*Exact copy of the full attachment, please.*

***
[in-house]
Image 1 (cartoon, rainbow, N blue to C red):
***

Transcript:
[in-house]
Image 1 (cartoon, rainbow, N blue to C red):